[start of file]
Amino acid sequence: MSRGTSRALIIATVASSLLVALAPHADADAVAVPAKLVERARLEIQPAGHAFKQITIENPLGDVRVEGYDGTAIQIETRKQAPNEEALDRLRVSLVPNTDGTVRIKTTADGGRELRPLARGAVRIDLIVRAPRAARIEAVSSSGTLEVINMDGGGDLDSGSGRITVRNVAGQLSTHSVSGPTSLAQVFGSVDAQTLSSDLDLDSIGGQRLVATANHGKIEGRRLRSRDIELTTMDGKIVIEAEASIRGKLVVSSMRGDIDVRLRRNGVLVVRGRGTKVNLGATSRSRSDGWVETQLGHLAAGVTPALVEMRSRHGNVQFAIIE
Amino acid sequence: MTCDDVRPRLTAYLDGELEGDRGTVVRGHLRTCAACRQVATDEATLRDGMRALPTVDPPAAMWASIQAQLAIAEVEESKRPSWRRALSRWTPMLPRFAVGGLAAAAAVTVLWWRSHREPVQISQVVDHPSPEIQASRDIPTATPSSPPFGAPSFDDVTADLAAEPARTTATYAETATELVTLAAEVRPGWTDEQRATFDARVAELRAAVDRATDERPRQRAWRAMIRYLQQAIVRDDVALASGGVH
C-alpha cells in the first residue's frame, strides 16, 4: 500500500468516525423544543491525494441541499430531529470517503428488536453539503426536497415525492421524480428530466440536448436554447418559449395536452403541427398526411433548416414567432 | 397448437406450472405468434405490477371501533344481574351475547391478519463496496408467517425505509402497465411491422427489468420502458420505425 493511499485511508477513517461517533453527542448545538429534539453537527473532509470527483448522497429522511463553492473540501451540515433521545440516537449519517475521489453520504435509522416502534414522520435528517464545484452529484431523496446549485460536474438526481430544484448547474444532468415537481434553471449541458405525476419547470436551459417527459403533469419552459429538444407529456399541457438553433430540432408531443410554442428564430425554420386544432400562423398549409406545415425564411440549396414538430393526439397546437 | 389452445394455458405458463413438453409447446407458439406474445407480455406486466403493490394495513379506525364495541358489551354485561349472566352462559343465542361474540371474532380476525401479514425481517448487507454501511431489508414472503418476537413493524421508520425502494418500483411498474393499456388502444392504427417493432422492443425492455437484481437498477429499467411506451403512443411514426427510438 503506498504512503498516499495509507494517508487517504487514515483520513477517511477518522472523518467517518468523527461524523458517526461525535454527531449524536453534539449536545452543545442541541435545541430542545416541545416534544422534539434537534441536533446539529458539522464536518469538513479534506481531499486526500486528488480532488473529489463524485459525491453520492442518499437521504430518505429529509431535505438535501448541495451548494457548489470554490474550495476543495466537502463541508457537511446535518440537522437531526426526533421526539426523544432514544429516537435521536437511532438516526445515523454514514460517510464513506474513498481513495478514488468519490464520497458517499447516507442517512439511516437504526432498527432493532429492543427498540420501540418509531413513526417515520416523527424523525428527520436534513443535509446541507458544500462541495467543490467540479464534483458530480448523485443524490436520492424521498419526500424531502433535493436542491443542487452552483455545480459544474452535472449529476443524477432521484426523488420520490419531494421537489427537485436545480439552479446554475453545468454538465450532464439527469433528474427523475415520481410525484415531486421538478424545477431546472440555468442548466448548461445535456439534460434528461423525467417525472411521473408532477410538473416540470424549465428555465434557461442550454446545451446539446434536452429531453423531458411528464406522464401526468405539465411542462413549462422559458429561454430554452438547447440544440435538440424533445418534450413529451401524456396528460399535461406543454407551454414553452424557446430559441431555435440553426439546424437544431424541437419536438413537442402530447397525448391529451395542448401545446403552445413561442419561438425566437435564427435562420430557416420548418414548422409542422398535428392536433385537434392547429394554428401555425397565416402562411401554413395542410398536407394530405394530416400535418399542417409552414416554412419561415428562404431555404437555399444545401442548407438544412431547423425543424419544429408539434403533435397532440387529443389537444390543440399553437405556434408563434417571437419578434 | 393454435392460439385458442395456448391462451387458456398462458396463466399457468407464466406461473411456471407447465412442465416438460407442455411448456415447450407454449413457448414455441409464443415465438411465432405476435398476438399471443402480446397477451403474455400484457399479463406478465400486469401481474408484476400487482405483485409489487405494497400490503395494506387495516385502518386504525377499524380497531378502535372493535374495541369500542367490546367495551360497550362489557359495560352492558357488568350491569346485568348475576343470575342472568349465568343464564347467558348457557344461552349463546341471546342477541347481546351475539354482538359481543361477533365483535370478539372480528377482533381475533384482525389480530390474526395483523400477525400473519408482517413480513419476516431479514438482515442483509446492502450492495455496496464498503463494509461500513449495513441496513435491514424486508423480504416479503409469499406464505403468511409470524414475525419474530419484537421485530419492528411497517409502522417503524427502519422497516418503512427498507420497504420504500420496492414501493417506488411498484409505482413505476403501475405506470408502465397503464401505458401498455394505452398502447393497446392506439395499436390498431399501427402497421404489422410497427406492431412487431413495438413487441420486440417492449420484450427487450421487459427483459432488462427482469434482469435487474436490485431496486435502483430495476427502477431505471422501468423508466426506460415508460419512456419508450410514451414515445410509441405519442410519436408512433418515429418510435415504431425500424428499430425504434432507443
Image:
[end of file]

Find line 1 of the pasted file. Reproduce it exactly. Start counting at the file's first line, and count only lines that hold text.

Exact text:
Amino acid sequence: MSRGTSRALIIATVASSLLVALAPHADADAVAVPAKLVERARLEIQPAGHAFKQITIENPLGDVRVEGYDGTAIQIETRKQAPNEEALDRLRVSLVPNTDGTVRIKTTADGGRELRPLARGAVRIDLIVRAPRAARIEAVSSSGTLEVINMDGGGDLDSGSGRITVRNVAGQLSTHSVSGPTSLAQVFGSVDAQTLSSDLDLDSIGGQRLVATANHGKIEGRRLRSRDIELTTMDGKIVIEAEASIRGKLVVSSMRGDIDVRLRRNGVLVVRGRGTKVNLGATSRSRSDGWVETQLGHLAAGVTPALVEMRSRHGNVQFAIIE